Pick of the Week—Friday, June 1-3: It’s a foodie’s dream weekend. Taste of Omaha is back at the Heartland of America Park and Lewis & Clark Landing and it’s as good as you remember. Whether you’re craving ice cream, sweet corn, or sushi, you’ll find it this weekend on the river. Mix in some music, fun, and fireworks, and it’s a guaranteed good time for everyone. Check out all the ingredients here.

Thursday, May 31: Let the eating begin tonight at Foodstock 2 in Bellevue. Forget all the dinner prep and head down to B-Town to feast on yummy treats from over 20 food trucks. There will be other vendors onsite, and a food drive for the Bellevue Food Pantry. Bonus points for this one, as it’s also a free, zero waste event. Don’t forget to bring your donations (five items or more gets you a raffle ticket). Find out more here.

Saturday, June 2: Wanna get weird this weekend? Then head to Omaha Oddities & Art Expo at Omaha Comfort Inn & Suites. With over 45 unique vendors, there will be a lot to explore. Special guests and performances will also be on hand, including a magician, a mentalist, and fire shows. Not convinced? You also have a chance to help support the Food Bank for the Heartland by bringing in a non-perishable food donation (gets you a dollar discount) or by participating in the 50/50 raffle for the Siena Francis House. Catch all the available oddities here.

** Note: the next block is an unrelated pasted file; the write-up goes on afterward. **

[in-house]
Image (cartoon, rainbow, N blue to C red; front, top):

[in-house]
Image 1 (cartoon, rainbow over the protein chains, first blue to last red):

Saturday, June 2: Food isn’t the only thing on the menu this weekend. Benson Beer Fest 2018 is bringing the brews, with over 75 of your favorite breweries from around the area. Your entrance fee will include a commemorative glass and, of course, a pour from each of the breweries. Now that’s a lot of beer, so a special price for designated drivers is an option. Pore over more information here and get your tix here.

Saturday, June 2: Castlepalooza! is on! This free, community festival offers live, local music, games, face painting, yoga, and of course, bubbles. Ride your bike, see some critters, and learn about solar power while enjoying the music of Clarence Tilton, Colin Michael Roberts, and Travelling Mercies. Did we mention there will be food and beer available? Bike on down to Joslyn Castle, meet some new people, learn some stuff, and enjoy the atmosphere, all for free. Start learning more here.

Sunday, June 3: Need a relaxing way to wind down and take a break from all that eating and drinking? Head to Falconwood Park (formerly Sokol Park) in Bellevue to watch The Incredibles from the comfort of your own car. The sequel hits theaters in a couple weeks, so refresh your memory (or see it for the first time) beforehand. But don’t limit yourself to just one drive-in movie this week. You can also catch a showing of Black Panther on Thursday, June 7. For the full rundown of upcoming movies at the park, click here.

Where the Arts Come Together

November 11, 2015 by
Photography by Bill Sitzmann

It’s been a big year for Creighton University’s Fine and Performing Arts Department. Its spring production of Cabaret received 13 Theatre Arts Guild nominations and took away a whopping five, including Outstanding Musical. The Midlands Mentoring Partnership named ceramics professor Amy Nelson Mentor of the Year for her commitment to helping teens through the Joslyn Art Museum’s Kent Bellows Mentoring Program and her exhortation for Creighton students to engage their community in similar ways.